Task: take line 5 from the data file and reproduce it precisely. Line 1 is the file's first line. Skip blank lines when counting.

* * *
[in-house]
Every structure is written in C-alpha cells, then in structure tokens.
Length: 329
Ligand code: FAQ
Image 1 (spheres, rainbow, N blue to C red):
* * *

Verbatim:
Image 1 (spheres, rainbow, N blue to C red):